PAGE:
Setup is pretty straight forward
// Installation 
npm install algoliasearch --save
npm install --save @types/algoliasearch // only for Typescript/Angular

// Usage 
const algoliasearch = require('algoliasearch');
import * as algoliasearch from 'algoliasearch'; // When using TypeScript/Angular

const client = algoliasearch('<your_app_id>', '<your_search_only_api_key>');
const index = client.initIndex('users'); // where users is name of our index.

Algolia in effort to provide relevant results, gives user lots options to customise their query. This can be overwhelming, so let's consider only few relevant things for now.

  • Search/Autocomplete
  • Pagination
  • Ordering (Ranking)
  • Compound Queries (Filters)
  • Facets

Ranking, filters and facets are words from algolia's vocabulary. Facets and filters, in general, are used for restricting search to a subset of results. Difference between facets and filters

  • Filters are used when filtering is done entirely hidden from the end user Serving curated matches for our match making app user's preferences.
  • Facets generally used for building a UI, where users can select facets (as categories) to further refine their query  Can provide dropdown to our users to refine matches from specific cities.


Search can be as simple as simple query and can be complex with filters or facets or both as well. There are lots of search parameter options along with query and all documented here.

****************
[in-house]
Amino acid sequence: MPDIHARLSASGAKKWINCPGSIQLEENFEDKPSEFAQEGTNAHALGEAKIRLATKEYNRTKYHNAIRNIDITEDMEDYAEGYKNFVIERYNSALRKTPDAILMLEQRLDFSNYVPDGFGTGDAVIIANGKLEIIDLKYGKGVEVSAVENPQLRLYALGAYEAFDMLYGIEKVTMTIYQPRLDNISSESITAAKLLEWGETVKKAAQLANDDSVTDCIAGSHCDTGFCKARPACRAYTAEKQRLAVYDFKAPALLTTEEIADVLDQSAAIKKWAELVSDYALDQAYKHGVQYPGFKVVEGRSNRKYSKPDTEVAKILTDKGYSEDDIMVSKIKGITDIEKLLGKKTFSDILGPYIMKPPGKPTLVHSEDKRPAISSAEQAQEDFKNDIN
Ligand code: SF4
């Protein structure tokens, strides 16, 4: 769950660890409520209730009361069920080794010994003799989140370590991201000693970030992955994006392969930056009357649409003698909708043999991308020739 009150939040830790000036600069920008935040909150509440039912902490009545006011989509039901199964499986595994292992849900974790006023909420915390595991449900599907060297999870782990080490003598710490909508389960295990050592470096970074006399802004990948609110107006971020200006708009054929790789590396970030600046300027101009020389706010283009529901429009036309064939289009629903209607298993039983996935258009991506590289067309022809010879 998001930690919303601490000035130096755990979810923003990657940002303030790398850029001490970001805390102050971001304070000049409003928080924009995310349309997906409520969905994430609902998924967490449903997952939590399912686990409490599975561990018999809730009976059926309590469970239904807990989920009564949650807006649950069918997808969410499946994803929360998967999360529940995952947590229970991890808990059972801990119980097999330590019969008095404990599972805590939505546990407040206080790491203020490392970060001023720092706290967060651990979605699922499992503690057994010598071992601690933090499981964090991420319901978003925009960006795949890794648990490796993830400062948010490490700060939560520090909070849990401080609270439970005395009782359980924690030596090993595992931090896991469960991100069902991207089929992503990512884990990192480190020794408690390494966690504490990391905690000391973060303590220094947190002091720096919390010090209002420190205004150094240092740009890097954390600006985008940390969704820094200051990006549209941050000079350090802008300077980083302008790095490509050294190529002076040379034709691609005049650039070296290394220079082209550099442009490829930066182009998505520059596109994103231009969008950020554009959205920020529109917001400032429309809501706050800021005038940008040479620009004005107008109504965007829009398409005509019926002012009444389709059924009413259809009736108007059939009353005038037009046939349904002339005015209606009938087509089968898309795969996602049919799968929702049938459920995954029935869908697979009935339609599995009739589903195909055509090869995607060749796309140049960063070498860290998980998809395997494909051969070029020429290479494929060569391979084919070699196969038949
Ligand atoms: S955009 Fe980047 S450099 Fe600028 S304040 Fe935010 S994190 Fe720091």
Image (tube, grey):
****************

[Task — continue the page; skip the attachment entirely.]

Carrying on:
// Search matches by last name joe
  query: 'joe'     // Search query

// Search by matches hobby
  query: 'dacing'  // Yes even with the typo

// we can pass addition search parameters 

// attributesToRetrieve => if listing only shows user name and city 
// then we can just request name and city of users.
  query: <search_query>,
  attributesToRetrieve: ['name', 'city'] 


// pagination => Returns all matches on page number 3
// with page size of 10 matches/page with name jane.

  query: 'jane',   // Search query
  page : 3,        // Page number
  hitsPerPage: 10  // Page size

// offset => Returns matches starting from 14 to next 25 with name 
  query: 'jane',   // Search query
  offset : 14,     // Number of matches to skip
  length: 10       // Number of matches after offset 


Filters can be used with or without query parameter.

// filters all male matches
  filters: 'gender:male'

// filters all matches which are female and will to relocate
  filters: 'gender:male AND isWillingToRelocate:true'

// filters all maches which stay in mumbai or will to relocate and are females
  filters: '(city:mumbai OR isWillingToRelocate:true) AND gender:female'

// filters all matches which are female, willing to relocate and older than 30 years.
  filters: '(gender:female OR isWillingToRelocate:true) AND age > 30'

// More options

// filters: 'attribute:value AND | OR | NOT attribute:value'
// 'numeric_attribute = | != | > | >= | < | <= numeric_value'
// 'attribute:lower_value TO higher_value'


Custom ranking or ordering in realtime is not possible when used in client side, index.setSettings method doesn't work with client-side apis, but we can always set default ranking type to whatever order we want from algolia's dashboard.  Also, algolia's dashboard gives an option to seamlessly create replicas of your index (users in our cases) with different ranking strategy.

For our matchmaking app, we can easily create a recommendation engine, using these options. The features I talked about are just the tip of the iceberg, algolia has many more powerful and advanced options. Those can be found here in algolia's documentation.